Its reflection in London was The Official Sloane Ranger Handbook of 1982, a masterpiece of the genre. It was a collaboration between the smooth market-research genius Peter York, and the very same Ann Barr. York fed Barr erratic, often wonderful ideas, which she tightened and brightened into what became one of the defining books of a decade with lots of definitions. A clever sub-editor working for Barr suggested a witty change of title from the provisional "Connaught Rangers" (a reference to a society regiment and a Mayfair hotel), and the result was... a huge sales success.
The publishers wanted a follow-up, so Foodie followed. If not actually a very good book, it was a very propitious idea because, by the early Eighties, something had happened to English taste and we needed a word to describe it. A memory of childhood's "abominable vegetables and repulsive puddings" in a cold, damp country-house kitchen had been one of Elizabeth David's many complex motivations on her journey towards the gastronomic and philosophical south.
The pre-Foodie English tradition had been one of unmediated dreariness. David's immediate predecessor, Countess Morphy, wrote in her influential Recipes of All Nations in 1935 that "English food is apt to be monotonous, and the average woman is frightened of foreign cookery". As late as 1979, in her introduction to a revised edition of her English Food, Jane Grigson said that she wrote "in a spirit of pessimism".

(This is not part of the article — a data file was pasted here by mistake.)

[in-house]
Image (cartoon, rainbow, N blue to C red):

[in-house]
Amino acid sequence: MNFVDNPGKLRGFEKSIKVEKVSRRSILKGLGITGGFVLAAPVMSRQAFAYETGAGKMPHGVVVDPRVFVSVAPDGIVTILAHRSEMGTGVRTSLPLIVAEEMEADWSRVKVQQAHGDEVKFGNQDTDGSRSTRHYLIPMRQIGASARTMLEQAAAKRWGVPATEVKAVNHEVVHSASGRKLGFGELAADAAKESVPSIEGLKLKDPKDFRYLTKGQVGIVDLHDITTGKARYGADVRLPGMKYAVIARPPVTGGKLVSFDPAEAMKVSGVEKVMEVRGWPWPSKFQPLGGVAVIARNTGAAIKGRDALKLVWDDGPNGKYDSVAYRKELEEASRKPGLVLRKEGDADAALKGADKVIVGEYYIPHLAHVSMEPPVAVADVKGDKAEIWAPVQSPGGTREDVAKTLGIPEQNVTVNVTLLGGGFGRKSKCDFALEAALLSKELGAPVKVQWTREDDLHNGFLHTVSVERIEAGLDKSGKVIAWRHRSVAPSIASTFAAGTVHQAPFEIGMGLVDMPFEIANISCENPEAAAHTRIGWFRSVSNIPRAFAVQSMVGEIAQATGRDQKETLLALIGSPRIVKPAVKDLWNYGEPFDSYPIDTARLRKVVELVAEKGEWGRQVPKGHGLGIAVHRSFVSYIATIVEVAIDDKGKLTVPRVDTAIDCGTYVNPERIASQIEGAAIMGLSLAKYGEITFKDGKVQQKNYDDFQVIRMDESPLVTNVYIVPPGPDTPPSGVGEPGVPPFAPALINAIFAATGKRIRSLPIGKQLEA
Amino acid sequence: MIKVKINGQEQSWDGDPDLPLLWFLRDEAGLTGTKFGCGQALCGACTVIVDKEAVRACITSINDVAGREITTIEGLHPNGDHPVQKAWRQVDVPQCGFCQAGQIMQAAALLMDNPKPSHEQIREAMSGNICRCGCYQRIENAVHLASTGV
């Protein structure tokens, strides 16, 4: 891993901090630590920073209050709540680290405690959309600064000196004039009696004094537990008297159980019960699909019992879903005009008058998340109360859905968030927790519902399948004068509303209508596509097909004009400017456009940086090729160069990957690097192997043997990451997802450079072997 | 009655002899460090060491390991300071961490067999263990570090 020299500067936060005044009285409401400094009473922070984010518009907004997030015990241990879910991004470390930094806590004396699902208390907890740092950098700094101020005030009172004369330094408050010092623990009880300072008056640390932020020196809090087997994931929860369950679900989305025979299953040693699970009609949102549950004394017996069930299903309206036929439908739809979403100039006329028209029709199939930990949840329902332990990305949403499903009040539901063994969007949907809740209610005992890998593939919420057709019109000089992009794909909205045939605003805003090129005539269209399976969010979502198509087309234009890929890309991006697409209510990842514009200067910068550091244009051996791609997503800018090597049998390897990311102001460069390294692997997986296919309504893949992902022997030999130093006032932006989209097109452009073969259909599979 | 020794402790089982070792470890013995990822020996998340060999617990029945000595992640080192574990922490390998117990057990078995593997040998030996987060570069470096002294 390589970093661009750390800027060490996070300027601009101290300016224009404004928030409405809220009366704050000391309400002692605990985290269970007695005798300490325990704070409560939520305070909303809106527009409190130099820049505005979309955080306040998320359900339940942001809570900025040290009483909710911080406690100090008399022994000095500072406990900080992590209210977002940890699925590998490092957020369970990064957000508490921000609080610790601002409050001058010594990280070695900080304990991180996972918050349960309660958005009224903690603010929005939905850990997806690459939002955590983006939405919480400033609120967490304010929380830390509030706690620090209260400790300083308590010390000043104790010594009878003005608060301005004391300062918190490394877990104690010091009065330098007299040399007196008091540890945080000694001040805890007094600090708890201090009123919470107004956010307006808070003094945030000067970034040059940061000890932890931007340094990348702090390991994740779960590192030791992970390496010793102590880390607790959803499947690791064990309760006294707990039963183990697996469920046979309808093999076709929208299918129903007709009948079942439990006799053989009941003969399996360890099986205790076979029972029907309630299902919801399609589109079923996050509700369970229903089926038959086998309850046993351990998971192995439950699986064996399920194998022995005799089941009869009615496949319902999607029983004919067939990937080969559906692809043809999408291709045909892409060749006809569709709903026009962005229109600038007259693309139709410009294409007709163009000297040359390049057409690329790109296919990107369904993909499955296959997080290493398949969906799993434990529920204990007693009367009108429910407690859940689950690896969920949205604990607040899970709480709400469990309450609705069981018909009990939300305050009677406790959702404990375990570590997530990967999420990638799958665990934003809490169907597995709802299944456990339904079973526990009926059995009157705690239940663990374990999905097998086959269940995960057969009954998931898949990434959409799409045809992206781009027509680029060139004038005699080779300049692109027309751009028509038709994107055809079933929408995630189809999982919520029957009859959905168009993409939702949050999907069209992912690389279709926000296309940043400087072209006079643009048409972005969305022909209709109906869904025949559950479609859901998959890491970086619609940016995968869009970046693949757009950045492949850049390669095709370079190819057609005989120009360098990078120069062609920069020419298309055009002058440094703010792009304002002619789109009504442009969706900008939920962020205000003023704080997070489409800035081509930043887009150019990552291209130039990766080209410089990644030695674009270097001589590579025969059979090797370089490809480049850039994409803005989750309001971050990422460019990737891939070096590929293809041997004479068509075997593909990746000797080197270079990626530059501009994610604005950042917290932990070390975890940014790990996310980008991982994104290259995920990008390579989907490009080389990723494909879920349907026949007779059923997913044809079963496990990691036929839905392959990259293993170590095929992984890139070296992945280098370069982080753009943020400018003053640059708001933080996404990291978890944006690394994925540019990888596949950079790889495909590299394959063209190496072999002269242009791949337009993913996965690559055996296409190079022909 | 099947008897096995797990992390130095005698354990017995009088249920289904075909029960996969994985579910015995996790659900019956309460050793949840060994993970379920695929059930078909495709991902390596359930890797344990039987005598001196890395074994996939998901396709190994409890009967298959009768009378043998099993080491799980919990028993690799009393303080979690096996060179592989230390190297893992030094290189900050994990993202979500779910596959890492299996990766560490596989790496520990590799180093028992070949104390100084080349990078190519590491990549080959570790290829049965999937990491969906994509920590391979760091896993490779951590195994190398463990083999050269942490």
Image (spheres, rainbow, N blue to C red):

Boorish, ugly, cynical conglomerates - Grand Met, Rank, Granada - still domi-nated the world of catering, and Charles Forte, inventor of "portion control" (a phenomenon doubly eloquent of the stinginess of management and avarice of the customer), was blithely claiming to be "giving the customers what they want". Which, in Forte's case, was acrid coffee, false piecrusts, grey meat and diluted, chemical salad cream.